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John Stuart Mill And The Social Construction Of Identity

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While the importance of moral and national pluralism to John Stuart Mill and later liberals has been the subject of recent debate, little attention has been paid to Mill’s arguments that class and gender ascription fundamentally construct individual identity. Mill argues that the analysis of society in terms of its constituent groups and the power relations between them requires the representation by groups of their own identities and interests in politics — and thus lays the liberal foundations for modern identity politics. Later Idealists and New Liberals, sympathetic to the idea of nationalist self-determination, define national communities as the only groups shaping individual identity, and relegate social groups to the expression of particular interests. The contemporary division in liberalism between identity and interest groups is a consequence of this shift. The recovery of Mill’s social pluralism establishes a liberal basis for deliberative democratic theories based on group differentiation and structures of power.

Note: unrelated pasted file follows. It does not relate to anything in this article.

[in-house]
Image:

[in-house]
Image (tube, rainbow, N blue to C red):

Document Type: Research Article

Affiliations: Department of Political Science, Miami University, Oxford, OH 45056, USA, Email:

Publication date: 2004-01-01

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